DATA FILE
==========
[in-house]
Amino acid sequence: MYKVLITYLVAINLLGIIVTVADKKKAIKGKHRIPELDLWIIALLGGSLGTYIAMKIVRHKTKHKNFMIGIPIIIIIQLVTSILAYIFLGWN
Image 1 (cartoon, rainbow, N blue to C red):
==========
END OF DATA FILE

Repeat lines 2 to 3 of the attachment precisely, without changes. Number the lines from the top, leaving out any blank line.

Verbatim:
Amino acid sequence: MYKVLITYLVAINLLGIIVTVADKKKAIKGKHRIPELDLWIIALLGGSLGTYIAMKIVRHKTKHKNFMIGIPIIIIIQLVTSILAYIFLGWN
Image 1 (cartoon, rainbow, N blue to C red):